Saudi Aramco is set to launch its first public bond sale, of around $2bn, as soon as this month, as it begins to tap local currency debt markets as part of a $10bn fundraising programme.
People briefed on the company’s plans say the world’s largest energy company is expected to receive approval from Saudi Arabia’s capital markets authority this week to sell Islamic bonds, known as sukuk.
Sukuk are structured to provide investors with a fixed income stream while avoiding the Muslim prohibition against interest. Saudi Aramco has issued sukuk instruments directly before, but this is the first freely-tradeable sukuk approved by the local capital markets regulator
The state-owned oil company’s move to tap debt markets comes as it looks to raise funds ahead of its much-anticipated initial public offering, which is planned for 2018.
The SR7.5bn ($2bn) sharia-compliant bond sale would be the first tranche of a broader SR37.5bn debt programme, the people said.
The debt deal would follow Saudi Arabia’s $17.5bn sovereign bond last year, the largest in emerging markets history. It helped the government plug its fiscal deficit and set a benchmark for future issuance by government-related entities and the private sector.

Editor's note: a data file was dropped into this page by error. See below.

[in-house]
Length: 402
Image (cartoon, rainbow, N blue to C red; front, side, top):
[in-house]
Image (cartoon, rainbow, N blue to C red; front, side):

Much of Saudi Aramco’s sukuk facility is expected to be privately placed among the lead arrangers on the deal, including HSBC Saudi Arabia, National Commercial Bank, Riyad Bank and Alinma Bank, the people said.
Saudi Aramco declined to comment.
The riyal issuance will be handled by locally-licensed banks, but further dollar-denominated bonds are also planned, potentially generating business for global lenders.
Saudi Aramco’s IPO is tipped to be the largest flotation of all time, even if it were valued at half the $2tn Saudi officials believe the company is worth.
The listing forms the centrepiece of a radical overhaul of the country’s economy, driven by the deputy crown prince Mohammed Bin Salman. He is aiming to create a sovereign wealth fund and reduce the kingdom’s dependence on hydrocarbons.
Gulf governments and state related entities have been forced to borrow from banks and tap debt markets to finance spending programmes as the oil-rich region copes with a sustained decline in crude prices.
As Saudi Aramco prepares to open itself up to investors at home and abroad, through the bond offering and the 2018 flotation, the kingdom and its largest revenue generator will need to embrace a greater level of transparency.
Senior Saudi Aramco executives have said investors will gain access to information about the company’s finances and reserves which have long been held a closely guarded secret.
While the deal is the first public bond sale by Saudi Aramco, the company’s joint ventures have previously tapped debt markets. Saudi Aramco has also previously issued sukuk to lenders as part of its regular financing arrangements with banks.
Saudi Arabian Total Refining and Petrochemical Company, a Jubail-based refinery with France’s Total, launched a debt sale in 2011. Sadara Chemical Company, a petrochemicals joint venture with Dow Chemical, sold another in 2013.
Additional reporting by Elaine Moore in London